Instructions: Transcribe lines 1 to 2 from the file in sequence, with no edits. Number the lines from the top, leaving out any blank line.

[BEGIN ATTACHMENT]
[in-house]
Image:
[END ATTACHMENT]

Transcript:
[in-house]
Image: